One of the most popular vaccines is known by the trade name SHINGRIX. The SHINGRIX vaccine is considered to be 90% effective at preventing shingles outbreaks among seniors aged 50 and over. SHINGRIX comes in two doses, one administered 2 to 6 months after the first.
Several generic shingles shots are also available on the market.
What Are The Complications Of Shingles
The most common and lasting complication of shingles is nerve pain, whats called postherpetic neuralgia , which can last for months or even years, long after the rash has cleared up. According to the CDC, between 10% and 18% of people whove had shingles will develop PHN.
PHN is a stabbing or throbbing pain or weakness where the shingles rash had been. The risk increases with age and the pain lasts longer and is more severe than in younger people.8
In rare cases, shingles can develop into pneumonia, hearing problems, blindness and brain inflammation.9 Only 1% to 4% of people with shingles are hospitalized for complications, though these are typically older adults and people whose immune systems are weak or suppressed, and fewer than 100 people die from shingles each year.10
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How Does Medicare Cover The Shingles Vaccine
Original Medicare, Part A and Part B, does not cover the shingles vaccination but Medicare Part D does. To get this covered, you must enroll in either a stand-alone Medicare prescription drug plan or a Medicare Advantage plan that includes prescription drug coverage . You may have a copayment for the shingles vaccine.
Do I Need A Prescription For A Shingles Vaccine
Once you have a Medicare insurance plan that covers the shingles vaccine, youll need to find out whether a prescription is necessary. This is dependent on where you get vaccinated. You wont need a prescription if you get vaccinated at your doctors office.
Some pharmacies that provide vaccines do so under the standing order of a supervising physician. This is convenient for patients because it saves them a trip to the doctors office to acquire a prescription before receiving the vaccine. You may need to call your pharmacy to see how they handle shingles vaccine orders.
If your pharmacy requires a prescription, youll need to contact your medical provider first. They may want to see you in the office beforehand, but not always. Sometimes, the doctor may give you the shingles vaccine at your appointment.
Once you have the prescription in your possession, the remaining steps are pretty straightforward. Take the prescription to a pharmacy in your plans network to be filled. A pharmacist will administer the vaccine in their clinic area.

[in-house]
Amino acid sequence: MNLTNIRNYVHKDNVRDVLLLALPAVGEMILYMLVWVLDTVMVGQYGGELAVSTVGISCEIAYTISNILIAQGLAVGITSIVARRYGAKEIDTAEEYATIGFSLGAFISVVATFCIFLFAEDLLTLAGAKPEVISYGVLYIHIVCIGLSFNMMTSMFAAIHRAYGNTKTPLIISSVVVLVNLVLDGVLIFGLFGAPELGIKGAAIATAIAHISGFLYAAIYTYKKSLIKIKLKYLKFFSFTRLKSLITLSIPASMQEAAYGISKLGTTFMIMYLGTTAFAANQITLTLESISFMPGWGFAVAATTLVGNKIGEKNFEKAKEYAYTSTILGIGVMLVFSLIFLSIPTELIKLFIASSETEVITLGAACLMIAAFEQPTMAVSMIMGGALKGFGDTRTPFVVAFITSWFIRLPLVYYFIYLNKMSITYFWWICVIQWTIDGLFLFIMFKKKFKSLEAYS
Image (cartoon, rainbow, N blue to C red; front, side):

Its possible to save money on shingles vaccines with a SingleCare pharmacy savings card. SingleCare coupons can help uninsured or underinsured patients get shingles vaccines at a discounted price.
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How Do I Get Coverage For The Shingles Vaccine
Medicare prescription drug plans and Medicare Advantage plans that provide prescription drug coverage generally cover all commercially-available vaccinations. These plans will cover the vaccination medication and the administration of the shot by your doctor or physician. Depending on your plan benefits, you may have to pay a copayment or coinsurance amount. Make sure to follow your planâs guidelines for this vaccination to be covered.
You will pay the least amount of money out of pocket if you are vaccinated at a pharmacy in your drug planâs network. If you have questions about which pharmacies are included in your planâs network, contact your Medicare prescription drug plan or Medicare Advantage prescription drug plan for more information. To find a Medicare Part D plan in your area, enter your zip code on this page.
Medicare information is everywhere. What is hard is knowing which information to trust. Because eHealthâs Medicare related content is compliant with CMS regulations, you can rest assured youâre getting accurate information so you can make the right decisions for your coverage.Read more to learn about our Compliance Program.
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How Much Does The Shingles Shot Cost
There is currently only one shingles vaccine available in the United States, sold under the brand name Shingrix. An older shingles vaccine called Zostavax was taken off the market in November 2020.
Shingrix is delivered in two shots. Without insurance, each shot retails for around $202 for a total of $404, according to GoodRX in 2021. Discounts can lower that cost by nearly $50 per shot.
Medicare Part D and Medicare Advantage plans may cover most of the cost of the Shingrix vaccine, but you could have out-of-pocket costs for both the shot and your doctor visits.
Before getting the vaccine, check with your plans administrator to make sure your policy covers the shingles shot.
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Does Medicare Cover Shingrix
While Original Medicare Medicare Part A and Part B does not cover the cost of the shingles vaccine, or Shingrix , you can purchase private plans Medicare Advantage or Medicare Part D plans that do cover the cost.
It is important to note that even if your Medicare Advantage or Medicare Part D plan covers the shingles shot, you may have a copayment or other out-of-pocket costs to pay. Check with your plan for particular details.
Medicare Part D prescription drug plans cover all commercially available vaccinations, except for those already covered under Original Medicare. But these plans will pay only if the vaccinations are considered reasonable and necessary to prevent illness.
Vaccines Covered by Medicare Part D Plans
- Vaccines related to treatment of an injury or exposure to a disease or condition